Wednesday, April 25, 2012

Steven Yeun, Lauren Cohan provide behind-the-scenes look at "The Walking Dead"


It's no surprise that Steven Yeun and Lauren Cohan - who play Glenn and Maggie on the popular series "The Walking Dead" - drew a captive audience during a Q&A session at the recent Chicago Comic & Entertainment Expo.

The two provided many details into the filming of the series (such as the season finale of Season 2, where Rick ends up killing Shane), and provided clues on what will come next in the series.

Q - What was the atmosphere like filming the season finale of Season 2?

Lauren - We didn't realize the effect the season would have on us. We become so close working on the set. We are the "Walking Dead" family.

Q - Did you agree with Rick's decision to kill Shane?

Lauren - I think it had to happen. I think Shane wanted him to do it.

Q - Why do you guys always refuse ever at any point to say the word zombie? You use words like walkers.

Lauren - Because the word zombie doesn't exist in our world. There are no zombie films. We don't have George Romero. We don't have any of that. So we just call them what they are doing.

Q - After losing Dale as the real voice of reason, Glenn, do you feel you are going to become that new voice of reason and Maggie, are you going to support him?

Lauren - Definitely. Maggie really believes in Glenn.

Steven - I think it's mutual. I think the way that things are heading, it's more of a team. It's not necessary to bash this brontosaurus and bring it home.

We're working together. Glenn and Maggie are working together. That's how it works in the comic books, too.

I think that's the beauty of the relationship. It's two people who love each other doing cool shit.

Q - What do you do after an emotional scene?

Lauren - You don't really come down from any of it until the season is done.

Q - Is the zombie stuff scary for you in the moment?

Steven - The actors who play the zombies are so good.

Q - Will you and Maggie tie the knot later on in the series?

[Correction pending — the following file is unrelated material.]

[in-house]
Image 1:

Steven - We really don't know. We have no scripts. That happens in the comics. 

Q - Is Glenn ever going to take over the group, because he's obviously the sanest one.

Steven - I don't know. I think the trajectory that Glenn is headed is testing himself more, looking out for the people he cares about and trying to do still what's right to him. 

Now that he has someone to live for and now that someone has him to live for as well, it's going to be a nice scene.

Q - Do you fantasize in real life what you might do when it comes to your character?

Lauren - I feel like I could be pretty similar to the way Maggie is. She's tough when she needs to be and she gets the job done.

I definitely want to pick up as many skills as possible before the apocalypse happens. Being on the show does remind you of the things that you need to know for survival, like how to build a fire and shoot a gun.

Steven - I was raised in the rough and tumble streets of  Detroit, Mich. It's as suburban as it gets. I know how to order a really solid plate of spaghetti.

I'd think I'd be helpful in a situation like that. I don't know if I would necessarily lead a group.

Q - So Lori is going to have a baby. Is it really a good time to have one, after the apocalypse, and are Glenn and Maggie about to volunteer for the cause? Are they going to have their own baby?

Lauren - I think we are going to see how Lori's goes. 

Q - Do you have any advice for up and coming actors?

Lauren - Never give up. So many people will tell you no, 99 percent of the auditions will be no. You just have to believe in yourself.

Steven - Know yourself. Be self aware. And don't think that you know it all. 

If you know you need to work on certain things, go work at it. Don't just let it go.

Thursday, April 19, 2012

Cuddle Magic bringing chamber pop sound to Chicago area


Whether you call Cuddle Magic a chamber pop collective or an arty dream-pop band, the group continue to set itself apart through its intensely reflective music.

The Brooklyn/Philadelphia group, comprised of brothers Ben and Tim Davis, along with Alec Spiegelman, Kristin Slipp, Christopher McDonald, Cole Kamen-Green and David Flaherty, in March released its third full-length album, "Info Nympho." Cuddle Magic will perform April 20 at S.P.A.C.E., 1245 Chicago Ave., Evanston.

Anais Mitchell also is on the bill. The show starts at 7:30 p.m., and tickets range from $12 to $24, available at

I had the chance to talk to the members of Cuddle Magic,, about the new album.

Q - The new album opens with the song "Disgrace Note," which revolves around the theme of suicide. That's a complex issue to discuss, let alone address it in your opening song. What made you want to address the topic and what would you like people to come away with after listening to the song?
Tim Davis- Ben and I took Christmas Day two years ago as a working day. We were alone at my house sitting down to write when I found out Vic Chesnutt, who is my favorite songwriter of all time, had killed himself. 

The song is no more than a record of trying to sit down and write when confronted by such a loss. It would be like sitting down to design a giant skyscraper on 9/11.